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How to Start a Food Blog (on a Budget)

How to Start a Food Blog (on a Budget)

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My husband and I have created a few blogs in the past, but was the first one that we actually took seriously and put in the time and effort to help it succeed. That’s not to say it’s difficult, but when you don’t know the proper steps to take, it can definitely be a challenge.

I know when we first started out with this blog, we searched high and low to find the right steps. Since I know how overwhelming it can seem, I’m hoping this guide will help some of you on your journey to becoming a food blogger.

Step #1: Choose a Name

Once you’ve decided to start a food blog, it’s time to choose a name for your business. While choosing a name seems simple enough, it’s one of the most important decisions you will make.

Question Marks with a Light Bulb

Did you notice that I said “business” just above? That’s right. Unless you truly intend for this to be a side hobby, you should treat your blog as its own business from day 1. Treating it as a business means make the right decisions to get it front of your intended audience.

With that being said, when choosing a name for your blog, you need to think long term about your goals. Do you plan on only posting vegan or keto recipes? Do you plan on covering everything under the sun?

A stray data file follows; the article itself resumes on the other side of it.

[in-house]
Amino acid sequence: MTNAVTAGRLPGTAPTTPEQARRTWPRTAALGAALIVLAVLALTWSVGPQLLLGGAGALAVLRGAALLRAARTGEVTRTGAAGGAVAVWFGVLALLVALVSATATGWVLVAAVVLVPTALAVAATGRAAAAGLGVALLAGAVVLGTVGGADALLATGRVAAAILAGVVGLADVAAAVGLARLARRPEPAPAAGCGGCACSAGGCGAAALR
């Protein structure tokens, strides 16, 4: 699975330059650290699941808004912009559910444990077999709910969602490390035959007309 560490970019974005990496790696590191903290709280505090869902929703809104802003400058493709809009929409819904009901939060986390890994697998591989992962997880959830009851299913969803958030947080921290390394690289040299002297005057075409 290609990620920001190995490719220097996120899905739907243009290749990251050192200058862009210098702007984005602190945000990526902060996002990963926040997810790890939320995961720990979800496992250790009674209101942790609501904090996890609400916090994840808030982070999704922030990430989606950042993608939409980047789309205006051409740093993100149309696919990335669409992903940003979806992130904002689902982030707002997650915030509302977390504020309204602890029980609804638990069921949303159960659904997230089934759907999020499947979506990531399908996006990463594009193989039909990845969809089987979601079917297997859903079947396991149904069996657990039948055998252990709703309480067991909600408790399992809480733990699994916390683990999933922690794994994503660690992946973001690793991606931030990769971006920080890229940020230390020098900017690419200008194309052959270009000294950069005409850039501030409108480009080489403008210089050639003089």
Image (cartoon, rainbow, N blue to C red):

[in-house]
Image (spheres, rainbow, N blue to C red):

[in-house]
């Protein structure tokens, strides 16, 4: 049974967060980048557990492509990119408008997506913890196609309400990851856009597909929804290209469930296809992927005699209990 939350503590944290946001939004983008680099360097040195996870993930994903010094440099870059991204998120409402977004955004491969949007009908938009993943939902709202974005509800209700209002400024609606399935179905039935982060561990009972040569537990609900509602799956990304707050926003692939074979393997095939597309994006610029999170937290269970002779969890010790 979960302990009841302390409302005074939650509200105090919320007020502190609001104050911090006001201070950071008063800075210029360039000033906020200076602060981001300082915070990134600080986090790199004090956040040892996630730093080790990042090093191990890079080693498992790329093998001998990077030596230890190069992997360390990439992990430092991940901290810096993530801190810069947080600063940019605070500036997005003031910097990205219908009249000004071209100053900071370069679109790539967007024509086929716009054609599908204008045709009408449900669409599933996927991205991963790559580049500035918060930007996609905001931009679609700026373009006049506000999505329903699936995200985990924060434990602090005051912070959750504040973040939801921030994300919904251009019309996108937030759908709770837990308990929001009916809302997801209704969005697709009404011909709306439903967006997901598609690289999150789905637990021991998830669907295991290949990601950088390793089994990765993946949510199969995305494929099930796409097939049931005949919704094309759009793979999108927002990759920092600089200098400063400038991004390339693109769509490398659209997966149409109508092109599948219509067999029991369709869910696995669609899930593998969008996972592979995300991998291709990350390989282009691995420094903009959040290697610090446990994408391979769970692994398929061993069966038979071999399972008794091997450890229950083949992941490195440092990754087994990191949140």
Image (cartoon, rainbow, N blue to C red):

The answers to these questions will help you decide how broad to go with the name of your blog. If you’re unsure, go broad, meaning instead of naming your blog something like Sarah’s Vegan Desserts, go with Sarah’s Baking Desserts. That way, you can expand outside of vegan recipes down the road.

The last tip on choosing your name: try to keep it short. Shorter domain names are easier to remember and typically work better when it comes to marketing your business. Coming up with a good short name that’s not already taken is challenging these days, so take your time and think outside of the box.

Step #2: Purchase Your Domain Name and Hosting

Now that you’ve chosen a name, it’s time to secure it. There are many sites you can go through to secure your domain name, but I highly suggest going through Bluehost.

With Bluehost, you can secure your domain name and purchase your hosting (more on this next) all in one step. While you can go through different companies for your domain name and hosting, doing this in one step makes the process much quicker and easier.

Before choosing your domain name, you’ll first need to pick your hosting plan. Head over to Bluehost, then click the “Get Started” button to see their plans.

Bluehost - Choose Your Plan

As you can see in the screenshot above, starting a blog doesn’t have to be expensive. In fact, it’s very low cost in the beginning and only ramps up when you want it to (as in when you have a lot of visitors).